Victim who reported a rape was punished by school for "public lewdness," now is publicly shamed online.
Three years ago, Rachel Bradshaw-Bean was raped in the band room of Henderson High School in East Texas, where she was a student. When she reported the rape, the assistant band director told her to "work it out with the boy." Not only did the school and the police fail to investigate properly, she was punished for reporting the crime by being sent to a special, disciplinary high school - the same one as her rapist.
Rachel's crime, as a rape victim? The same as her rapist's: "public lewdness." Thankfully, after her family enlisted the ACLU to file a Title IX complaint, the Department of Education ordered Henderson High School to clear Rachel's record and fund her counseling services. The school is now, apparently, in full compliance with Title IX.
This week, Rachel came forward about her ordeal to Abigail Pesta at NBC. And today, Sarah Hedgecock wrote a piece about this atrocity for Gawker. This is one story in particular that could really spark some helpful, interesting debate in the comments section. For instance, how often do schools unknowingly violate Title IX and what can we do to stop this from happening again? What should the disciplinary/counseling procedures entail for an accused high school rapist? How brave is Rachel for coming forward to share her story?
There was some of that, but it was lost amid a whole lot of victim blaming and slut shaming. Many commenters suggested that Rachel was unattractive and thus would never be a victim of rape. I won't quote those comments here because they would likely be incredibly hurtful to Rachel personally, but I mention them in order to point out how prevalent the idea still is that rape is an act of lust.
No. Rape is an act of violence and control, and it has nothing to do with how the victim person looks.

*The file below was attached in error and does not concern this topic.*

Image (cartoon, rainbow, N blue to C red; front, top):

One "father of two girls" expressed deep sympathy for Rachel and regret for what had happened and the general state of the country in his comment on the NBC story. Then he concluded with some concerned victim-blaming, repeating the misconception that the onus on girls to defend themselves against rapists and to stop screwing other girls over by reporting rapes falsely:
"The fix? Girls, take self defense courses, never trust men, and if this happens to you, report it to more than one person (one person can cover it up or not report it and deny knowing about it later), and (this isn't to all, but it is just as true) stop reporting false rapes to get out of trouble or get revenge. False reporting is the biggest enemy of rape convictions."
I know, I know. Never read the comments. But here's why I went ahead and not only read them, but commented on them here: the comment sections on stories like this can reveal a lot about our societal tolerance of ignorance and downright hatefulness. Yes, comments sections are often infiltrated by trolls who want to get a rise out of reasonable people. But even if every single disturbing comment on every rape story were written by a troll - and I don't think that's the case - those comments would still offer some insight into the types of language and arguments that are deemed acceptable in a very public forum, even if their intent is only to aggravate and offend.